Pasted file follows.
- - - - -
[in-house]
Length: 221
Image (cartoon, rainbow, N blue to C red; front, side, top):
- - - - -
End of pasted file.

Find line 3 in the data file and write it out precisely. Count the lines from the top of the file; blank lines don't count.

Image (cartoon, rainbow, N blue to C red; front, side, top):